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Small firms need dedicated utilities watchdog

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Small businesses should have a watchdog dedicated to looking after their interests when it comes to handling problems with utilities suppliers, a business group has argued.

The Forum of Private Business (FPB) has said that small firms are missing out on the level of protection that is given to domestic consumers by Consumer Focus, the body set up in 2008 after Energywatch, the previous watchdog, was merged with other protection organisations.

According to an FPB survey of 1,700 small businesses, almost three-quarters of those who responded claimed to have experienced problems with their utilities suppliers.

These problems, the FPB reported, have worsened during the past six months for 59 per cent of the small businesses surveyed, while some 86 per cent of those firms expected them to deteriorate further.

Six out of ten firms said they wanted a dedicated watchdog to mediate between small businesses and utilities providers.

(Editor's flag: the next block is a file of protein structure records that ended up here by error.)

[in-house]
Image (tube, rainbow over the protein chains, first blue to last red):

Consumer Direct, which is a new complaints handling system, has been introduced to deal with the UK’s smallest companies – those with 10 employees or fewer, with a turnover not exceeding £1.6 million and with an annual electricity consumption of not more than 55,000 KWh (or gas of not more than 200,000 KWh).

However, the FPB said it was concerned that many small firms fall outside of the criteria and will not be protected. Unlike Energywatch, Consumer Focus does not investigate complaints made by businesses unless their supply has been cut off and they are deemed to be ‘vulnerable’ customers.

As part of Ofgem’s new ‘complaints handling standards’, businesses are expected first to complain directly to their energy companies rather than Consumer Focus, the FPB said. Then, if the complaint is passed onto the energy ombudsman, the maximum compensation available is just £5,000.

Colin Beake, the FPB’s adviser on utilities, commented: “Consumer Direct, the energy ombudsman and Consumer Focus appear to be following guidelines that are not in the best interests of customers. It’s about time that the whole thing was overhauled to give small businesses better protection.”

Mr Beake added: “Businesses should be sure of their contractual agreements, be aware of when their contracts ends, and be sure to cancel their agreements in due time to allow them to locate the best prices when the contracts end.”